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need help with wireshark

Posted on 2014-04-15
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Last Modified: 2014-05-12
Hi Experts,

I have to make a scan for Fortinet.
Now I have seen millions of broadcast queries on the network.
Most of them directly from one machine.
Can you help me to read and understand the content of it ?
Why this source MAC makes so many ARP requests ?
See the PIC.
Broadcast-Storm.JPG
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Question by:Eprs_Admin
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16 Comments
 
LVL 33

Expert Comment

by:Dave Howe
ID: 40001297
Usually? it isn't. The usual cause of a broadcast storm is a routing loop at layer 2 - i.e. switches hooked into each other so that there is more than one path between two routers, so broadcast traffic goes around and around...

many switches detect and block that (aka "spanning tree"), except when there is a vmware vswitch between them (which can route the traffic but blocks the packets loop detection detects)

check your architecture to see if you have a routing loop.
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Author Comment

by:Eprs_Admin
ID: 40001381
ok, we found out, because we check the MAC addresses.
And two machines are causing this broadcast storm.
When we disconnect one machine, the broadcast storm ends.

What can it be on the machine ?
It is laptop.
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LVL 57

Expert Comment

by:giltjr
ID: 40001494
You need to see what type of packets it is sending.

The one sample you gave was a ARP.  The host that sent it was trying to find out the MAC address for a IP host.  Sending ARP's is normal and ARPs are broadcasts.

Does his machine talk to a lot of hosts?

Does his machine do any type of network scanning?

Does his machine constantly send out ARP's or does it send out a bunch and then do nothing for awhile, then send out a bunch more?
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Author Comment

by:Eprs_Admin
ID: 40001646
This machine sends out permanent ARP request.
This machines tries to ask each subnet, also subnets which are not configured and used.
No network scanner is installed or used.
what else can it be ?
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LVL 57

Expert Comment

by:giltjr
ID: 40001672
A virus/worm.
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Author Comment

by:Eprs_Admin
ID: 40001683
we have scanned with 3 differnet anti virus and rootkit scanner.
There is noting on it.

Why this nic is sending so many arp requests ?
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Expert Comment

by:Dave Howe
ID: 40001739
try running Microsoft Network Monitor and/or ProcMon
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LVL 57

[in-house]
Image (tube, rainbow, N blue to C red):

Expert Comment

by:giltjr
ID: 40001748
What operating system is the laptop running?
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Author Comment

by:Eprs_Admin
ID: 40001805
The OS is WIN7
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LVL 25

Expert Comment

by:Fred Marshall
ID: 40002152
we have scanned with 3 different anti virus and rootkit scanner.
OK
There is noting on it.
Really, this conclusion should be:
None of the ones we used found anything.

I suggest you try some others.  I have cleaned machines where the 6th scanner found what was needed to be found.  At the same time, the first 5 were well-respected tools that I use most often.  NONE of them are perfect.
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Expert Comment

by:giltjr
ID: 40002358
If you did not, I would also use something that you have to boot from CD or thumb drive.  Running a scanner under Windows, even in "safe" mode, does not always work.

Is there any other suspicious traffic other than the ARP's coming from his computer?  I would assume anything (virus or valid tool) that is sending out ARP's would want to use the results of those ARP's to do or look for something else.
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Author Comment

by:Eprs_Admin
ID: 40043823
thanks
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LVL 25

Assisted Solution

by:Fred Marshall
Fred Marshall earned 333 total points
ID: 40044809
HitManPro is a pretty good tool that can boot from a USB flash drive.  It's made to get things before they can start.
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LVL 57

Assisted Solution

by:giltjr
giltjr earned 167 total points
ID: 40045084
I have used both:

Kaspersky Rescue Disk
F-Secure Rescue CD

If you have wired Internet access most of these will download the latest pattern files to scan with.
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Author Comment

by:Eprs_Admin
ID: 40046951
I know HITMANPRO but not the boot version.
Where can I find it ?
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Accepted Solution

by:
Fred Marshall earned 333 total points
ID: 40047257
You install HITMANPRO on a computer and there is a little running man icon at the bottom of the window (at least I think that's the control you need).  Anyway there's a utility in the program to write a boot version onto a USB Flash Drive.  It's very nicely packaged that way.

Then, when you boot the computer just make sure that a USB Flash Drive is possible to boot from.  Usually there's a boot menu that will allow you to select without changing BIOS settings.  HITMANPRO gives you 3 choices for the mode it works in.  #1 is "best", #2 is, well, #2 and #3 is the last resort.  In some or all of these cases it looks like Windows is booting thereafter but don't be alarmed.  When it starts to get going, HITMANPRO starts up.
I've seen quite a few where #1 didn't work and still got good results.
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